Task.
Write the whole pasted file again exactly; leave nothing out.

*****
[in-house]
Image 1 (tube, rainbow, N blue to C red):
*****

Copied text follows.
[in-house]
Image 1 (tube, rainbow, N blue to C red):